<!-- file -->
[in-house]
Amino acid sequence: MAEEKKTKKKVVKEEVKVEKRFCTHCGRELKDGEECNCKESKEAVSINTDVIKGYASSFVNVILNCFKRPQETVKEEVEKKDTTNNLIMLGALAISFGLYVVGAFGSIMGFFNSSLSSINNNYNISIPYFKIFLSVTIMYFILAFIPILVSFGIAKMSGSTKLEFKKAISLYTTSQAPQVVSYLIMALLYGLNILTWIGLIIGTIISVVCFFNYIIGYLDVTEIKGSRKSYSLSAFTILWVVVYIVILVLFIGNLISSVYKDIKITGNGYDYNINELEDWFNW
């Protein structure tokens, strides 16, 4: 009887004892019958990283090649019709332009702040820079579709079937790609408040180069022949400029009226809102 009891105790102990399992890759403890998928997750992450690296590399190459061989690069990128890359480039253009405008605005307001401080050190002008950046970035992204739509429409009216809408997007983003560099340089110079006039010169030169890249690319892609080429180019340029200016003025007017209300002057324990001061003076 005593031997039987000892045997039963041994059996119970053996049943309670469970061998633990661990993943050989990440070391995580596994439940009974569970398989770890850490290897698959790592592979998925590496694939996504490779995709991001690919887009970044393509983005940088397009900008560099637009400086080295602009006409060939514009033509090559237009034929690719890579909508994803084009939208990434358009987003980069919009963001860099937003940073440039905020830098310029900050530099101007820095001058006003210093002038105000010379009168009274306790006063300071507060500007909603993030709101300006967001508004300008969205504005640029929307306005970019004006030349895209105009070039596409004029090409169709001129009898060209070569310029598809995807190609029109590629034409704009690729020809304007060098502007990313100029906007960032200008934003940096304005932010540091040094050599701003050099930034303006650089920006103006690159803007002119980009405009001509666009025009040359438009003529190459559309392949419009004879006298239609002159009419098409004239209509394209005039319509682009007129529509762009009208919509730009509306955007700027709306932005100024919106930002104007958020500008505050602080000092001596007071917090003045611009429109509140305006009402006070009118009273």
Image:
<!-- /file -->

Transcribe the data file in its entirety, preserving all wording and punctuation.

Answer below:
[in-house]
Amino acid sequence: MAEEKKTKKKVVKEEVKVEKRFCTHCGRELKDGEECNCKESKEAVSINTDVIKGYASSFVNVILNCFKRPQETVKEEVEKKDTTNNLIMLGALAISFGLYVVGAFGSIMGFFNSSLSSINNNYNISIPYFKIFLSVTIMYFILAFIPILVSFGIAKMSGSTKLEFKKAISLYTTSQAPQVVSYLIMALLYGLNILTWIGLIIGTIISVVCFFNYIIGYLDVTEIKGSRKSYSLSAFTILWVVVYIVILVLFIGNLISSVYKDIKITGNGYDYNINELEDWFNW
């Protein structure tokens, strides 16, 4: 009887004892019958990283090649019709332009702040820079579709079937790609408040180069022949400029009226809102 009891105790102990399992890759403890998928997750992450690296590399190459061989690069990128890359480039253009405008605005307001401080050190002008950046970035992204739509429409009216809408997007983003560099340089110079006039010169030169890249690319892609080429180019340029200016003025007017209300002057324990001061003076 005593031997039987000892045997039963041994059996119970053996049943309670469970061998633990661990993943050989990440070391995580596994439940009974569970398989770890850490290897698959790592592979998925590496694939996504490779995709991001690919887009970044393509983005940088397009900008560099637009400086080295602009006409060939514009033509090559237009034929690719890579909508994803084009939208990434358009987003980069919009963001860099937003940073440039905020830098310029900050530099101007820095001058006003210093002038105000010379009168009274306790006063300071507060500007909603993030709101300006967001508004300008969205504005640029929307306005970019004006030349895209105009070039596409004029090409169709001129009898060209070569310029598809995807190609029109590629034409704009690729020809304007060098502007990313100029906007960032200008934003940096304005932010540091040094050599701003050099930034303006650089920006103006690159803007002119980009405009001509666009025009040359438009003529190459559309392949419009004879006298239609002159009419098409004239209509394209005039319509682009007129529509762009009208919509730009509306955007700027709306932005100024919106930002104007958020500008505050602080000092001596007071917090003045611009429109509140305006009402006070009118009273």
Image: